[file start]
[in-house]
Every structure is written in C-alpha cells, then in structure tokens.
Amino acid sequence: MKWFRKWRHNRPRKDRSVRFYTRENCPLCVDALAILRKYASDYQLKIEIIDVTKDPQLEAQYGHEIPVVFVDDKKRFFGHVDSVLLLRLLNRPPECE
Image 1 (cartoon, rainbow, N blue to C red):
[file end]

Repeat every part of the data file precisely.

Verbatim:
[in-house]
Every structure is written in C-alpha cells, then in structure tokens.
Amino acid sequence: MKWFRKWRHNRPRKDRSVRFYTRENCPLCVDALAILRKYASDYQLKIEIIDVTKDPQLEAQYGHEIPVVFVDDKKRFFGHVDSVLLLRLLNRPPECE
Image 1 (cartoon, rainbow, N blue to C red):